You’ve learned the importance of making sure you don’t just gather data for everything just because you can. And now, you’ll need to know just how to use that smart data in knowledge management.
Obviously, as someone who is familiar with the self-service portal, you might immediately start thinking about ways to create articles in a knowledge base or actively creating a knowledge bank based on your most commonly submitted issues. However, in the enterprise, each service department can benefit from knowledge management’s processes — it just depends on what your expertise is.
What is Knowledge Management?
According to the KMWorld website, knowledge management (KM) is described as follows:
“Knowledge management is a discipline that promotes an integrated approach to identifying, capturing, evaluating, retrieving, and sharing all of an enterprise’s information assets. These assets may include databases, documents, policies, procedures, and previously un-captured expertise and experience in individual workers.”
In a nutshell, what this means is that the knowledge that you currently possess is beneficial to your company and should be captured in a way that makes it easily shareable for anyone else who might make use of it. The end goal is that anyone, especially management, can access the information to make smarter decisions on tasks and projects, as one of the key determining factors of what should be captured is based on your business objectives.
Is What I Know Really “Knowledge”?
KMWorld discusses the different types of knowledge:
- Explicit — Information that is clearly set out in a tangible way.
- Implicit — Information that hasn’t been set out tangibly, but easily could be.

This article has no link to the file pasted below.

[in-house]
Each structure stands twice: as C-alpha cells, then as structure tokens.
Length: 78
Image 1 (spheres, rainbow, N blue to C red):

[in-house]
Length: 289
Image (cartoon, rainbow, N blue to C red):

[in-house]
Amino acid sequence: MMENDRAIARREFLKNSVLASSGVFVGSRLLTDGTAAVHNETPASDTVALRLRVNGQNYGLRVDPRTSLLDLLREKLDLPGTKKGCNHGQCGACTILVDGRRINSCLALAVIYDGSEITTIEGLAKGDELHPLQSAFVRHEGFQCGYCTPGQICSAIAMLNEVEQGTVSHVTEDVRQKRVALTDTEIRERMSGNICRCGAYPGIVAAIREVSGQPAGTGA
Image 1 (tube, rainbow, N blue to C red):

- Tacit — Information that has a high level of difficulty in making it tangible.
While it sounds like a philosophical discussion, it actually makes a lot of sense when you put it into practice. You can probably figure out what explicit knowledge is (changing a password), and implicit knowledge is also understandable (you know how to walk without necessarily remembering how you learned to do it), but tacit is where things get a bit tricky. Tacit knowledge is particularly difficult to share because it’s hard to put into words; it would be like someone trying to teach someone how to fix an engine without a physical demonstration. Before you get discouraged, here’s the takeaway for these types of knowledge: They underscore the fact that anything you deem necessary to your business objectives and processes can be made accessible to other people in your organization.
The Six Steps of Knowledge Management
Did I lose you? Still here? Good. Because we’ve simplified it all down for you in this nice little list:
1. Define Your Objectives
Begin by meeting with department managers and team leaders to determine the overall business objectives. While you may have a central goal, each department has a different deliverable, which leads to different types of knowledge.
2. Start Gathering Data
Now you can start collecting your data. This can include data entry, scanning documents, collaboration, etc. While the way you collect the information may vary, make sure each piece supports your goals and projects.
3. Let’s Get Organized
Start taking your data one step further by adding some context. This includes getting rid of the data you don’t really need, cleaning up what you already have, and collaborating on what’s stored so far to being making use cases.
4. Review and Prepare
Now that you have all your data, it’s time to figure out where to put it. Begin by deciding on the type of storage you want to have your knowledge live in, and then start indexing, cataloging, linking, and making sure the it’s easy to use.
5. Share Your Data
Your database doesn’t live in a vacuum — it’s time to let people use it. Whether you’ve decided to let it live in a knowledge base or you just want to use it on a project-by-project basis, it’s time to let others start using it.
6. Manage and Monitor
This one is included as a step, but should be ongoing. Updates are inevitable, new tools happen, and your knowledge will adapt accordingly. So make sure your database stays up to date by assigning routine maintenance.You've got knowledge -- but are you doing anything with it? Click To Tweet